Noninvasive Options for Ventilatory Support of the Traumatic High Level Quadriplegic Patient: Patients and Methods (4)

In: Pulmonary function

1 Jan 2013

Noninvasive Options for Ventilatory Support of the Traumatic High Level Quadriplegic Patient: Patients and Methods (4)Once daytime mouth IPPV was mastered, body ventilators could be used for nocturnal support with the tracheostomy tube plugged. Body ventilator use not only facilitated tracheostomy site closure by relieving the stoma of the positive expulsive pressure which occurs during positive pressure assisted ventilation, but early use of a body ventilator also facilitated training in mouth IPPV by alleviating fear of dyspnea during early trials.
Mouth IPPV normalized speech rhythm, provided normal daytime ventilation, and permitted “air stacking” for volitional sighing, shouting, and assisted coughing. The change to a fenestrated tracheostomy tube often improved the efficacy of mouth IPPV as well as the effectiveness of body ventilator use with the tracheostomy tube plugged and the cuff deflated. It also improved speech volume while on mouth IPPV or on free time whenever possible. The fenestration of the commercially available tubes, however, was at times malpositioned against the posterior tracheal wall where invagination of the tracheal mucosa into the fenestration rendered it ineffective and caused bleeding while exacerbating granulation formation. Proper positioning of the fenestration was accomplished by ordering a custom made fenestrated tube or changing to a smaller sized tube. buy antibiotics online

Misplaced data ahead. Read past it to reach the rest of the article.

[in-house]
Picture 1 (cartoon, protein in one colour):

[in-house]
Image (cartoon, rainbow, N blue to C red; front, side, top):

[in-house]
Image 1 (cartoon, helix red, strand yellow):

5.    Patients were advanced to the use of cuffless tracheostomy tubes. The great majority of patients did not require a tracheostomy diameter change to maintain optimal ventilation and speech volume; however, ventilator volumes often needed to be as much as doubled to compensate the increased leakage.


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